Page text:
Where to Put It
Whoever said that compost attracts vermin is wrong. If you do it right, it doesn’t smell, nor does it attract pests. So don’t worry about that. Put it somewhere that you can get to all year long. If you want it in the back corner of your yard, go ahead. Make sure that the spot you pick gets around six hours of sunlight a day.
What Goes In
Here’s the part that makes the magic: you have to get the ratio right. You want to have about 50-50 green to brown ingredients go into the pile. Start off with some mature compost as a starter, or soil if you don’t have compost, and add in equal parts “green” and equal parts “brown.” You might need to add some water. To compost correctly, you have to get the ratio of ingredients just right.
Green items include pretty much all fresh organic waste. This means grass clippings, vegetable or fruit kitchen scraps, flowers or weeds you pull from your garden, chicken, horse, or rabbit manure (as well as bedding), table scraps, and coffee grounds. You can also add water, plants, and algae from fresh-water aquariums. These all produce nitrogen when they break down.
Brown items produce carbon when they break down. These include:
- Paper scraps (shred them to allow them to break down faster)
- Corn cobs or stalks
- Dryer lint from cotton or otherwise natural fibers
- Wood chips and wood ash (only use small amounts)
- Straw, dry leaves and pine needles (use only small amounts)
- Shrub prunings
- Old potting soil
- Hair and fingernail clippings
You can also compost egg shells, of course. Crush these for the best results. They are neutral when they break down.
What Not To Compost
Yes, there are rules about what you can’t put into your compost bin or pile. Basically, don’t put any animal products in there (bone, meat, or fat). Other things to keep out include:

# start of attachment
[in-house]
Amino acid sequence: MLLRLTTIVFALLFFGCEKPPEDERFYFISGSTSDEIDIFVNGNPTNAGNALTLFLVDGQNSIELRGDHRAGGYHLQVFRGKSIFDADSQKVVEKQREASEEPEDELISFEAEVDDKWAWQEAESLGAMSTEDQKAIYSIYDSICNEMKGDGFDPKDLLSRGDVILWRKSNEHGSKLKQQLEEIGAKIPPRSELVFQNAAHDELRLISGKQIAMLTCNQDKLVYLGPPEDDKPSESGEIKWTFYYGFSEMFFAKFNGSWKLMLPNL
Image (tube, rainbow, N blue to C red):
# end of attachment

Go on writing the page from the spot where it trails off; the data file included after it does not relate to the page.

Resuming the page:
- Oily food scraps
- Butter, fat, or grease of any kind
- Carnivorous pet feces
- Used cat litter
- Plastic or metal
- Dairy products
- Weeds with seeds
- Plants with diseases.
How To Compost
The best way to go about creating a great compost pile is to do it in layers. Mix your brown and green stuff together and put it in. After you have about a foot thick of that mixture, add an inch or so of soil or compost. Moisten as needed; keep your pile damp but not soggy. If you make it too wet, it will get stinky. Moisten your compost, but not so much that it gets stinky!
Let all of that sit for a few days and check the temperature. When it’s hot, you’ll turn the pile using a shovel or pitchfork (or roll it if it’s that type of composter). Air is the final ingredient needed for the perfect compost recipe. Turn the pile every time it gets to around 160 degrees F. This method, of course, requires that you have all of your ingredients all ready to go at once, but it will only take you about three weeks to have usable compost. If you prefer the slower, less-work method, you can do that too!
If you want to have an ongoing compost bin that you can just throw your scraps into, you can do that, too. It will take a lot longer to make compost (up to a year) but it requires far less work. When the bin is full, or half-full, turn it and let it sit until it reaches 160 degrees F. Follow the instructions as above for turning.
If you have two or three composters, you can have them all at different stages. Fill one up and start the process going to create the compost and start a new bin for new scraps. Once you have compost ready from your first bin, transfer some into the second bin to help as a starter and put the rest into your garden or sprinkle on your lawn. You can even give it away or sell it — any gardener worth their salt would love to get their hands on some compost!
(Read This Next: 4 Ways to Reduce Waste in Your Home)